He loves us all equally. His love means that He speaks about the sins. He brings out her sins of divorce and that she has a live-in relationship with a man who isn’t her husband. Notice, He doesn’t say it’s no big deal or that this sin is no worse than any other. He brings it into the open. Why does He do this? The world would say this is humiliating, it’s cruel, abusive, unkind.

But actually this is loving. Jesus is putting a halt to her downward slide. All sins condemn you, all sins equally make you unclean. But Paul implies in 1 Corinthians 6 that the 6th commandment sins damage a person more since they aren’t just “outside the body.” The more you continue in them the more hardened your conscience gets. It hurts at first to do them, but you get numb to it. The devil first convinces you it’s no big deal, then he accuses you and says it’s a very big deal; that you can’t be holy, you’re unfit to be here.

Jesus is exposing her 6th commandment sins, bringing them into the open, so she’ll repent and be forgiven. So that she can be cleansed by Him. So He can wash her and make her clean. “The living water” that she thought was for drinking is actually for cleansing her, giving her a clean heart!

This is Jesus’ goal for you too, that if what you’ve done – or the sins that have been done to you – especially if there are 6th commandment sins in your past, or today, that give you a burdened conscience, that make you unclean and tempt you to feel that you have to stay away from God and church, He is saying No! He is here to wash you and pronounce you clean. But the first step is that He exposes the uncleanness through preaching the Law.

This preaching at first makes her squirm and she wants a distraction. Her heart doesn’t want to repent. She diverts it to a question about worship.

She makes it about “where people ought to worship.” Jesus says it’s not about a place. “The hour is coming, and is now here” – because Jesus is here – “when the true worshipers will worship the Father in spirit and truth … God is Spirit, and those who worship Him must worship in spirit and truth.” Jesus answers that true worship is not about a place. It’s about a Who.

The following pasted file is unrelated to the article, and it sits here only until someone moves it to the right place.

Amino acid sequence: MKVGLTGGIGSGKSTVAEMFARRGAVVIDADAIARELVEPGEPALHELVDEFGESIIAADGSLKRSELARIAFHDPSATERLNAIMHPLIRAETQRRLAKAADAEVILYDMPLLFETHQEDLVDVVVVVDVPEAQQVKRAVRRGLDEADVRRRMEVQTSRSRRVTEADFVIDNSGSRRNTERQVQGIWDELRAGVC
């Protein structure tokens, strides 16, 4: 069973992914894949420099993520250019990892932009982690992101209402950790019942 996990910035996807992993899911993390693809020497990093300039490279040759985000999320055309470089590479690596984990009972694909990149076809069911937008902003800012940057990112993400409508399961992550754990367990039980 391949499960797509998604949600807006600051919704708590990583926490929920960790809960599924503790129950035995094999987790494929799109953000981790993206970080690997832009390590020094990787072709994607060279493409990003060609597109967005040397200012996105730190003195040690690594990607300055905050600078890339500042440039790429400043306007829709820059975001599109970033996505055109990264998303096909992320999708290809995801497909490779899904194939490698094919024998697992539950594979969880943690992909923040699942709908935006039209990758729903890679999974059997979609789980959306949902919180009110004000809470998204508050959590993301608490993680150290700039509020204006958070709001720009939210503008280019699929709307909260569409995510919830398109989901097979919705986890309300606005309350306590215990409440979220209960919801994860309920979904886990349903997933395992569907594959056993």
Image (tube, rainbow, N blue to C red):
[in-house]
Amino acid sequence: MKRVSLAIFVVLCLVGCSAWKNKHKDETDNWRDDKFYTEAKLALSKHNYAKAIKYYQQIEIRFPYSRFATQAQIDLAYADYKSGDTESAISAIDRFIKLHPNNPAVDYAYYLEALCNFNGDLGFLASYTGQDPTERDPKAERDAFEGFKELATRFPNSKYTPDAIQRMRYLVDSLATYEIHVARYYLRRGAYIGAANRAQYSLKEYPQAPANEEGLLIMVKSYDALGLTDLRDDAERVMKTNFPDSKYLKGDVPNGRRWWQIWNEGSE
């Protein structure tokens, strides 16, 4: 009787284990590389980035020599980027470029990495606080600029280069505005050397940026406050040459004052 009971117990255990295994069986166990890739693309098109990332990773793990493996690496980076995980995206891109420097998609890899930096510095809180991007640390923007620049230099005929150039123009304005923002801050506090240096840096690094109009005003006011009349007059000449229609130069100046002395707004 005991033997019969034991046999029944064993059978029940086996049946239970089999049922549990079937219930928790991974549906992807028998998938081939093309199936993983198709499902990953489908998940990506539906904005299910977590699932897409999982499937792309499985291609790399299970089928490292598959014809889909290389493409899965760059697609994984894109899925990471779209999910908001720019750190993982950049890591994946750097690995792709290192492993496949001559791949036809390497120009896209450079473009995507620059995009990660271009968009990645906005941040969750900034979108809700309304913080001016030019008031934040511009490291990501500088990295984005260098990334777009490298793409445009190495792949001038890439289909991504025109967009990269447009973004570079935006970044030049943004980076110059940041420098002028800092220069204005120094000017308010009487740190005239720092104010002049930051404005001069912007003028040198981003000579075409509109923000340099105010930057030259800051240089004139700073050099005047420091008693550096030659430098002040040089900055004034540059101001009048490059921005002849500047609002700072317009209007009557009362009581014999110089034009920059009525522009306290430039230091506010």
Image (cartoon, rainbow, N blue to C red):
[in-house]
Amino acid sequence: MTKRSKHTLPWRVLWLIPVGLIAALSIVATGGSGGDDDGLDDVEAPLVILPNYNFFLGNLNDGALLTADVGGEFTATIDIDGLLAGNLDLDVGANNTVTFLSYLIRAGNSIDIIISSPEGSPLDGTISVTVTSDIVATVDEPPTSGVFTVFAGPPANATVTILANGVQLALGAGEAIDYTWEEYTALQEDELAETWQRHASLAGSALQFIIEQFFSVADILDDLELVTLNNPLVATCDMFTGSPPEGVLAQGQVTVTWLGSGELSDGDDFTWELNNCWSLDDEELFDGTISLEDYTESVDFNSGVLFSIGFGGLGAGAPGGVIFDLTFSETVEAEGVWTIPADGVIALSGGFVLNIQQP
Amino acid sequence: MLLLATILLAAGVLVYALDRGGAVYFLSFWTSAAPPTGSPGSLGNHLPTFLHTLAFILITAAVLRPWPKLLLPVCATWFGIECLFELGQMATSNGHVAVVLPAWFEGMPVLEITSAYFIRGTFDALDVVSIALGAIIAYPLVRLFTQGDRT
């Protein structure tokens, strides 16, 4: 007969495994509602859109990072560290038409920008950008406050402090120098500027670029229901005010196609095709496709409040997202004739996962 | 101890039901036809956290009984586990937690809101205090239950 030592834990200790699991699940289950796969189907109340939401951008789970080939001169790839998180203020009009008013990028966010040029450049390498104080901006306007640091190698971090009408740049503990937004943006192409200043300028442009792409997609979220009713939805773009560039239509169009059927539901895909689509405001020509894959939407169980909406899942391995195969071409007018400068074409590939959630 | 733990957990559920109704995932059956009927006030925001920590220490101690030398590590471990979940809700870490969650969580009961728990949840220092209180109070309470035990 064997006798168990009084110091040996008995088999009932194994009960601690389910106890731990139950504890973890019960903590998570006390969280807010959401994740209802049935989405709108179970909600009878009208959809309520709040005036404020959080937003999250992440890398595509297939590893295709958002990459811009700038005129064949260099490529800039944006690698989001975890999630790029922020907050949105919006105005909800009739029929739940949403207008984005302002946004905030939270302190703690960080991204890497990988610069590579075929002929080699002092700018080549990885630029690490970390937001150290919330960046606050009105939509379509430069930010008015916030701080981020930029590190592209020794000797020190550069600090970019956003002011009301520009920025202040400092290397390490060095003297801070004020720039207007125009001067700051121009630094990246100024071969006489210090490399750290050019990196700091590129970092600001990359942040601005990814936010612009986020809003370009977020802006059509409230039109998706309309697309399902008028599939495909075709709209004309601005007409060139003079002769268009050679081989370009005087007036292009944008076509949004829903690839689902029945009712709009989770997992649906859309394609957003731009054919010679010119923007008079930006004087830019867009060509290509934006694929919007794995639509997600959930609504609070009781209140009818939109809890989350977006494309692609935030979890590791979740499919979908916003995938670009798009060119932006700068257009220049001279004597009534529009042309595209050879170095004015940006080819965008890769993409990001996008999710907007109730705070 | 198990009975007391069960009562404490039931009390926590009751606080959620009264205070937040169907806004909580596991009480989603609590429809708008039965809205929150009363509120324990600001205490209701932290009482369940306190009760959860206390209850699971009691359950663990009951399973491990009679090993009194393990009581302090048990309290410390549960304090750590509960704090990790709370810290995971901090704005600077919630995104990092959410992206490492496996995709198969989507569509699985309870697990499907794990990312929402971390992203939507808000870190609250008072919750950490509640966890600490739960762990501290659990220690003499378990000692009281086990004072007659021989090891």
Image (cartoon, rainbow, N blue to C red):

It’s about Him. This subject of worship is not to be a distraction from the sins that trouble her (and us). To worship Him “in spirit and truth” doesn’t mean you worship however you want. It doesn’t mean it’s about being sincere in your worship. It isn’t about an emotional high.

It’s about God the Spirit – the Holy Spirit – and it’s about truth. True worship is hearing His truth, and speaking His truth. First it’s the truth about your sins – by which He leads you to say the truth about yourself and confess your sins. Then it’s the truth about your Savior who died for you and takes away your sins. So you believe His words that you’re forgiven.

Let’s go back to the woman and how Jesus’ words made her uncomfort- able. This should happen in church, in the true preaching of the Word. The Law is preached and we squirm. Maybe there are some areas in your life where you’re uncomfortable to hear what God says about it. Some sins you aren’t ready to give up. Some beliefs that aren’t in line with Scripture, yet you still hold onto them especially if they give you more credit with others in the world. Some obligations and duties you’re not ready to fulfill. Maybe like this woman you too would want to change the subject.

In a liturgical church like ours, we don’t get to change the subject. We don’t make the service to be about us, or construct it so it’s only about what we are comfortable discussing or makes us feel good. But in a liturgical church service, Jesus runs the conversation. Just like with her, He teaches.

He has the Law spoken to you, He exposes your sins, so His Holy Spirit can lead you to repent. Then the Gospel is spoken right to you. This is always Jesus speaking to you, lovingly bringing the gifts He won on the cross to you. Then you believe it. You’re comforted. You’re made joyful and confident through the forgiveness of your sins. Just like the woman, who suddenly left her waterpot there and courageously went to spread the word to people who also knew all about her. The Holy Spirit does this for us too in the church service. It’s why we come, isn’t it? To hear the Gospel and be given faith.

You come so that Jesus can speak to you. The church service is about Jesus, who today says to you: “I Am, who is speaking to you.” (His first I Am statement). He speaks to you a sinner, imagine that! He speaks, to make you clean from all your sins. His teaching creates a clean heart – in you. Amen!